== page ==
Episodic or implicit memory is the memory of an event or “episode”. This type of memory is declarative and is relevant both to recent and remote events. Examples of episodic memory would be the ability to recount what you did today and where you were when you heard shocking news. Another example would be remembering where you parked your car. Episodic memory can be thought of as a process with several different steps, each of which relies on a separate system of the brain.
The initial step in forming this type of memory is called encoding. Encoding is necessary for the acquisition of new factual knowledge. Encoding take effort, and more effort results in better encoding. For instance, if one were to hear a list of 10 words and asked to remember the list after a half an hour, one would likely remember more words if one were to think of a definition for each word than if one were to simply repeat the list a couple of times. The work done with the list in the encoding phase results in better memory later on. Another example of a frequently used encoding strategy is the use of mnemonics, or associations between something to be remembered and something one already knows. For instance, if one were introduced to someone named Charlie, one might make a note that this is the same name as one’s uncle.
The step by which the information is accessed and brought back into consciousness is called retrieval. This too takes effort. If someone were to ask a person where they were for dinner four nights ago, the answer might not readily come to mind. Rather, one might take a strategy to try to provide the answer, like thinking about what day was four days ago, say it was Tuesday, what one usually does for dinner on Tuesday, and whether this was a typical Tuesday or not.
Research and clinical experience suggest that information is not simply stored and retrieved, and that there may be an intermediate step in this process, which we call consolidation. Consolidation is the process by which recently learned information becomes more strongly represented in the brain, and more resistant to the effects of hippocampal injury (see below).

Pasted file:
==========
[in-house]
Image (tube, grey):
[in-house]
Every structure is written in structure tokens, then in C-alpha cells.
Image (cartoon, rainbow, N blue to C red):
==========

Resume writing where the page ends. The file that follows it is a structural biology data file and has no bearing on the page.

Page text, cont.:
Anatomy The parts of the brain that are thought to be necessary for the effortful/variable aspects of encoding and retrieval are the frontal lobe and the lateral temporal lobes. When these regions are injured, memory encoding is disorganized, but can still occur. Memory retrieval will be disorganized as well, but can be aided with cues to organize retrieval. For instance, in someone who has impaired retrieval from frontal lobe damage, a cue such as where they met someone will help with the recall of the person’s name.
Studies show that the hippocampus and medial temporal lobes are critical for encoding. No matter how efficient the encoding strategy, if the hippocampus is severely injured, encoding will not occur. Because the encoding impairment is so profound in hippocampal damage, events will essentially disappear from memory once they are not attended to, and even hints or cues will not help to bring them back, because retrieval of these lost memories is impossible. Episodic memory is frequently impaired in Alzheimer’s disease because the hippocampus is very vulnerable to the changes occurring in this disorder.
The figure below shows a “slice” from an MRI scan of two patients, one from a normal older person and the other from a patient with Alzheimer’s disease. The brains are being viewed as if they are being cut about a third of the way back from their front tip (like cutting into a loaf of bread) and then looking at the cut surface. The hippocampi from these two individuals are circled in yellow, and one can see that the hippocampus is smaller in the Alzheimer’s disease patient.
The hippocampus is part of a network of regions in the brain important for memory. Research suggests that the mediodorsal nucleus of the thalamus, amygdala, and hippocampus may work in concert to regulate which information is consolidated in memory.
Anatomy of episodic memory
Because encoding and retrieval require effort, they can be affected by any problem that impairs the ability to make efforts for memory. This can occur from damage to several different parts of the brain, and can be associated with medication use, as well as psychological problems such as depression, or even physical problems such as pain. This is probably one reason why memory problems are the most common cognitive complaint.
There are a wide range of neurologic diseases and conditions that can affect episodic memory. These include, but are not limited to subarachnoid hemorrhage, trauma, hydrocephalus, tumors, metabolic conditions including Vitamin B1 deficiency, infectious and inflammatory conditions, such as Hashimoto’s Encephalopathy, and neurodegenerative diseases such as Alzheimer’s disease.